GUIDED ALASKA Trip Information

ARCTIC DESTINATIONSArctic National Wildlife Refuge (ANWR)

From 9,000 ft peaks in the Brooks Range to the frozen Arctic Ocean, the Arctic National Wildlife Refuge has all the adventure and wild beauty of your dreams.

About the Arctic National Wildlife Refuge (ANWR)

The Arctic National Wildlife Refuge, in the Northeast corner of Alaska, is a 19 million acre wilderness refuge stretching from the Beaufort Sea nearly to the Yukon River. Its vastness, diversity and its wildlife, coupled with dramatic scenery make it Alaska’s most celebrated wilderness. Designated as wilderness in 1960, ANWR encompasses arctic tundra, boreal forests, wild rivers, the Brooks Range mountains, the coastal plain and the Arctic Coast.

Inupiat and Gwich’in call this undisturbed Alaska wilderness home. Birds migrate from all over the world to breed in the refuge. Nearly 180 bird species call ANWR home at least part of the year. There are 45 mammal species living in the Arctic National Wildlife Refuge including polar bears, grizzly bears, porcupine, caribou, musk ox, wolves, and Dall sheep.

Geography of the Arctic Refuge

The Arctic National Wildlife Refuge is split by the continental divide. North of the divide in the arctic watershed the land is vast treeless tundra. Rivers like the Hulahula and the Canning form in glacier carved peaks and flow from the Romanzof Mountains, through the foothills and across the beautiful coastal plain. Where the rivers join the arctic ocean is a rich wetland home to shorebirds and waterfowl. And along the arctic coast are the barrier islands rich with birdlife, sea-ice and human history.

The endless summer daylight and the expansive wilderness combine to create a sense of limitless possibility. On the south-side of the Arctic Refuge, rich greens of the boreal forest fill the valleys and limestone peaks of the Brooks Range tower above the clear waters of the Sheenjek, Coleen, and Wind rivers.

Wildlife in the Arctic National Wildlife Refuge

The Porcupine Caribou Herd migration has become iconic for the Arctic National Wildlife Refuge. More than 200,000 caribou migrate annually through the refuge. In late winter they cross the Brooks Range to calve on the famed coastal plain at the very end of May and then migrate across the mountain front, typically crossing the Kongakut River in late June.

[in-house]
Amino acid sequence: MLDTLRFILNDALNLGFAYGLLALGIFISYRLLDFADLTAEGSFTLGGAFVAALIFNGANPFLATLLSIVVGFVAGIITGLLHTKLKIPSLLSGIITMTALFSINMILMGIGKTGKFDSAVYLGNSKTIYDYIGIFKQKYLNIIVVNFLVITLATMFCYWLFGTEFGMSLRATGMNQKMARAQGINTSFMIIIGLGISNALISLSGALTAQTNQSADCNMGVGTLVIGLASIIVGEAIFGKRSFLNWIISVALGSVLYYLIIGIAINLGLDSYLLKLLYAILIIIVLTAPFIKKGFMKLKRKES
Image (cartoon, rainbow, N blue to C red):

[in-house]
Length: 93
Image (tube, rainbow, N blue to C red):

Grizzly bears, polar bears, musk ox, Dall sheep, Alaska moose, Porcupine caribou and even wolverine roam the refuge. ANWR is a magnificent Alaska birding destination. Some ANWR bird species include: Gyr and peregrine falcons, grey-headed chickadees, arctic warblers, snow geese, snowy owls and northern wheatears.

Guided Trips Available in ANWR

Arctic Wild offers guided wilderness trips throughout the Arctic National Wildlife Refuge. We offer rafting trips on the larger rivers in the refuge and packrafting trips on the smaller ones. We also guide backpacking adventures in the Brooks Range and base camp trips to watch caribou migrations, photograph coastal birds or just to revel in the scenery and excellent hiking.

In addition to our scheduled trips listed below we also offer custom trips to better suit your interests and schedule. With more than 20 years of guiding in the Arctic Refuge there are few that know the area as we do.



June 9, 2023 - June 19, 2023
Hulahula Rafting
June 11, 2023 - June 17, 2023
Caribou Migration Backpack
June 14, 2023 - June 22, 2023
Arctic Refuge Packraft
June 18, 2023 - June 28, 2023
Canning to the Coast Canoe
June 21, 2023 - July 5, 2023
The Whole Kongakut
June 22 - 27 or June 27 - July 2, 2023
Mission: Caribou
July 1, 2023 - July 15, 2023
Firth River Rafting
July 21, 2023 - July 28, 2023
Ivishak Packraft
August 12, 2023 - August 20, 2023
Kongakut Rafting
August 15, 2023 - August 22, 2023
Hulahula - Raft and Hike
August 28, 2023 - September 6, 2023
Wind River Rafting
"The wilderness was spectacular, the leadership perfect."
"I am just finishing my tenth trip with you guys. As always, the trip was more than I expected and I had a great time. See you next year!"
"Of all outfitters with whom we have worked (and that is quite a number), you were by far the most organized and responsive."
"That feeling of wide open wonder, the possibilities for nearly limitless wandering, and the image of those proud caribou...that will stay with me a long time"
"Our guide was an encyclopedia on legs. He was always willing and ready to teach, to talk, to listen, to do another hike, or to lie low in camp if we were beat. He truly gave us the trip we wanted!"
client client client client client
Eileen - Canning River